Reshaping substance misuse treatment in prisons is central to the UK Government’s drive to address substance dependence in the prison population and reduce substance-related offending and recidivism. Therefore, a through-care project to support prisoners released from custody to community, ‘Gateways’, is taking place across North-West England. Amongst support with housing, education, training and employment, Gateways incorporates the Breaking Free Online (BFO) substance misuse treatment programme. Aims: To explore BFO’s potential to provide support to prisoners’ substance misuse recovery and continuity of care post-release, and examine quantitative outcomes provided by prisoners who have used the programme. Methods: Qualitative interviews with prisoners and analyses of quantitative data collected pre and post intervention. Results: Themes emerging from qualitative data around prisoners’ experiences of engaging with BFO illustrate its potential for use in prison settings. Significant improvements to quality of life, severity of substance dependence and aspects of recovery progression illustrate initial effectiveness of BFO and prisoner’s intentions to continue engaging following release to the community. Conclusions: The BFO programme demonstrates potential in providing effective treatment for offenders with substance misuse difficulties, and specifically in delivering continuity of care following release to the community.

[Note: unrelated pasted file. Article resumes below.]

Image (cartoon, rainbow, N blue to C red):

Dr Sam Weston; University of Keele Glyn Davies, Breaking Free Group Stephanie Dugdale, Breaking Free Group Dr Jonathan Ward, Breaking Free Group